Springingtiger's Blog

Mature Autism – The Speech I would have made.

After writing my last blog I had a dream. I dreamed that my old school had invited me to give out the prizes and make the key-note speech at the annual Speech Day. It would never happen as I am neither rich, famous nor a leader in any field of human endeavour. It would never happen, but if it did this is – I think now – the speech I would have given.

“Headmaster, governors, OGs (Old Giggleswickians), parents and members of the school, in which I include all who are actively involved in the life of this school whether pupils, teachers or any of the many essential support staff who enable the place to function. You probably have no idea who I am because I am not famous nor a leader in any field, but that I am not rich or famous is an important part of my story, so make sure you are sitting comfortably and I’ll begin.

The first thing I should tell you is that I was –at the age of fifty-seven – diagnosed with Asperger’s Syndrome or to put it another way I have an Autism Spectrum Condition. To put that in a numerical context ,possibly one in one hundred children will be born with an ASC whereas one in ten people will have a psychiatric illness at some point in their lives. Statistically some of you here will be affected by autism, you may be a parent of a child with autism, you may teach someone with autism, perhaps you have autism yourself. Don’t think you would necessarily know, I didn’t. Of course when I was a child very little was known about autism. Before I alarm anyone further I should say that “autism” is a not entirely useful label as it covers a wide spectrum of conditions including dyslexia and ADHD, but also more extreme non-communicative states and a whole range in between. Temple Grandin described being autistic as being like an anthropologist on Mars, we are the one’s trying to negotiate our way through society without the in-built map that normal people have– we generally use “neuro-typical” rather than “normal” because we are normal too but our normal is different. It is almost inevitable that you know someone on the Spectrum, you may even be related to them.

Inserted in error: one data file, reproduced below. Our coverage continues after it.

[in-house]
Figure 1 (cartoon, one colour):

It is possible that had we known more about autism in the Fifties and Sixties I might now have been famous enough for you to have heard of me, perhaps not. The sooner someone gets a diagnosis the sooner they can begin to receive the support they need to function optimally in society. I must say now that I was very lucky I was sent to Giggleswick. People with autism generally need – and I do mean need – structure, routine and discipline, all of which were provided to me by Gigg’. So my first two pieces of advice be aware of autism symptoms and get an early diagnosis, secondly if your child is reasonably high functioning send them to Gigg’ – or a similar establishment. Coming here enabled me to get the structured education I needed while not being excluded from the company of normal or neuro-typical people. Yes my social skills may have been impaired, but the school provided a structure that enabled a degree of interaction I would not voluntarily have sought. Another advantage of a school like Giggleswick in my day, was it’s abhorrence of bullying, yes bullying happened, but it was actively discouraged and when discovered punitive action was taken. Giggleswick provided a comparatively secure environment without the excess of stimuli to be found in the city.